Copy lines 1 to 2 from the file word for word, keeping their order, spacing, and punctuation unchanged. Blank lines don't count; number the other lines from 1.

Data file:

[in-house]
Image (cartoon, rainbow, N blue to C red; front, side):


[in-house]
Image (cartoon, rainbow, N blue to C red; front, side):